Monday, October 13, 2008

Computers + Biology = Virus Detector

With the talk about computer program and all. I think some of you might find this article interesting.

Joe DeRisi and Don Ganem have developed the Virochip. It is a broad-scale detection tool for identifying unknown pathogens. The chip currently has over approximately 22,000 viral sequences printed on it. DeRisi describest how the chip works like this, "If we are looking at a virus and trying to figure out what it is, we take some DNA and some RNA from a patient and we tag it with a fluorescent dye. Then we put that material onto the virus chip. Because matching genetic sequences stick to each other — the double helix — if there’s a match between what’s on the chip and our biological sample, a particular spot on the chip will glow. That tells us which virus the sample is. And, thanks to computers, we can do this with thousands of viruses at one time."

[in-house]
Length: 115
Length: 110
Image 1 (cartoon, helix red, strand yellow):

Dr. DeRisi is a Stanford alum and "currently an Howard Hughes Medical Institute (HHMI) Investigator and a Professor and Vice Chairman of the Department of Biochemistry and Biophysics at the University of California, San Francisco (UCSF) with a joint appointment at the California Institute for Quantitative Biomedical Research (QB3)." This is straight from Wikipedia, so go there for more info!

More interesting is Lab website that showcases the genomic study of infectious disease. There are all sorts of abstracts about the work they are doing... lots of paper topics to be found!

-Pamela Alexander-Beutler

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